Where there’s smoke, must there be a fire? After SpaceX CEO Elon Musk’s puff of marijuana on the Joe Rogan Experience podcast this summer, NASA officials are looking for the flames. And no, they don’t want a hit.

NASA told the Washington Post that its review of both SpaceX and Boeing, which have contracts to fly NASA astronauts, will “ensure the companies are meeting NASA’s requirements for workplace safety, including the adherence to a drug-free environment.” The Post reports that multiple NASA officials said the reason was Musk’s public pot smoking.

The safety review will focus on company culture in a series of hundreds of interviews, but there are also technical issues in play.

In October, NASA’s Aerospace Safety Advisory Panel reported [PDF] that “current projected schedules for uncrewed and crewed test flights for both providers have considerable risk and do not appear achievable.” It blamed technical issues for delays and warned that an unrealistic schedule could put crews at risk. It also noted progress on the part of both companies.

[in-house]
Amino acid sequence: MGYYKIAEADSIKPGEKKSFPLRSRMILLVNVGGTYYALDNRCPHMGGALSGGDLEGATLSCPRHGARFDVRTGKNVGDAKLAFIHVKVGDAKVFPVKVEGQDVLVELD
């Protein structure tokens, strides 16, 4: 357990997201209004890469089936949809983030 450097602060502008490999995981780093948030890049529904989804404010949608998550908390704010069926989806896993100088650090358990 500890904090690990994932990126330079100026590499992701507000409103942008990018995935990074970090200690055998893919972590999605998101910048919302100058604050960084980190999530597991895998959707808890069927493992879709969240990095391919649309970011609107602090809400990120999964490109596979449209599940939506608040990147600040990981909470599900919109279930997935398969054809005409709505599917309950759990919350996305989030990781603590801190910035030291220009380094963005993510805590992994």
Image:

SpaceX, which has a $2.6 billion contract to carry NASA astronauts on future missions, issued a statement saying that “we take seriously the responsibility that NASA has entrusted in us to safely and reliably carry American astronauts to and from the International Space Station.”

Aerospace giant Boeing, which has a $4.2 billion contract under the same commercial crew program, said in a statement, “As NASA’s trusted partner since the beginning of human spaceflight, we share the same values and are committed to continuing our legacy of trust, openness and mission success.”

Both companies claim they will launch uncrewed flights of their new rockets early next year and crewed flights later in the year.

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